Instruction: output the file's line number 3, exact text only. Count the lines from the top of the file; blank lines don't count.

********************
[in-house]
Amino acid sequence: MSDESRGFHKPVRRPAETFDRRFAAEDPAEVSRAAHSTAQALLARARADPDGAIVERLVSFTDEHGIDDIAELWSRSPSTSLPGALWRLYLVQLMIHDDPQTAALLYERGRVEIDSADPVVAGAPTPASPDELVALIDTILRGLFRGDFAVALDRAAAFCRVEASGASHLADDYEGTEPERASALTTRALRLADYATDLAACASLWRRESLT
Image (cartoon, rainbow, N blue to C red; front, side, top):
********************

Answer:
Image (cartoon, rainbow, N blue to C red; front, side, top):